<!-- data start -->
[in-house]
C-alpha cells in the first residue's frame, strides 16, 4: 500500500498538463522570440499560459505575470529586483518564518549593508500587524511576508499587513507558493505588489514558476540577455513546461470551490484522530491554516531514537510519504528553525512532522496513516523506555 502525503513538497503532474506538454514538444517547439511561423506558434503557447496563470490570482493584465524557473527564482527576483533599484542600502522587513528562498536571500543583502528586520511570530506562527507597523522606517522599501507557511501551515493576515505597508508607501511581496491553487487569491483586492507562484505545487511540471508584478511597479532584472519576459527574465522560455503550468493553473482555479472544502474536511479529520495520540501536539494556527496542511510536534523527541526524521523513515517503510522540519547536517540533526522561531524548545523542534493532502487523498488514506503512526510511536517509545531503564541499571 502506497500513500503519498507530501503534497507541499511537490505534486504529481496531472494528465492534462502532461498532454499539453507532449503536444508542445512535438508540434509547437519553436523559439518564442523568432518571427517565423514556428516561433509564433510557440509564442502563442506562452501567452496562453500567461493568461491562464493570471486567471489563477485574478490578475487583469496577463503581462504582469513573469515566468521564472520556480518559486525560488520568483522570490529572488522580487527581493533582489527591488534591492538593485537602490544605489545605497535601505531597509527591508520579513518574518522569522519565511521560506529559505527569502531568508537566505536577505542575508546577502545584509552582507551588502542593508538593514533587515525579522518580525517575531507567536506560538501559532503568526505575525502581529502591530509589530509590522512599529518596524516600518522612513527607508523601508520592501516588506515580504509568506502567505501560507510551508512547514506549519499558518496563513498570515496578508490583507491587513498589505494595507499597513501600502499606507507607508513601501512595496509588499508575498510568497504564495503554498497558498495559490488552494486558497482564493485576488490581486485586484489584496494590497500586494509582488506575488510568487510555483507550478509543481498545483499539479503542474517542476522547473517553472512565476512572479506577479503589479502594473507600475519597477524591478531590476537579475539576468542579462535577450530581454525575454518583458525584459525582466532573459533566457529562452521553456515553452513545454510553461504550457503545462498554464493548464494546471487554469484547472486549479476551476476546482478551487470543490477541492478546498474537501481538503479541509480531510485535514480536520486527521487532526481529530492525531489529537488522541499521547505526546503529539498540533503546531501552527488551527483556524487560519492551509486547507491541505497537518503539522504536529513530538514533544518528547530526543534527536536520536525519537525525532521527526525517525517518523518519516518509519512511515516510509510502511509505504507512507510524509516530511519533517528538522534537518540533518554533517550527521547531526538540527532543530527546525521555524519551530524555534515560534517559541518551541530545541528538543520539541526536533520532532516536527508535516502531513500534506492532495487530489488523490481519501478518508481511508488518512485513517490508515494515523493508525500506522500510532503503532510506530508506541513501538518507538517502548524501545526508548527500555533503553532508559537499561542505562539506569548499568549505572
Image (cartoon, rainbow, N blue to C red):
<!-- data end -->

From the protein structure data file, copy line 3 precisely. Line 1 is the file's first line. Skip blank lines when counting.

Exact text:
Image (cartoon, rainbow, N blue to C red):